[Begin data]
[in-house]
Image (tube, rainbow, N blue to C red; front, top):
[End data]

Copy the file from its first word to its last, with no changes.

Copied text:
[in-house]
Image (tube, rainbow, N blue to C red; front, top):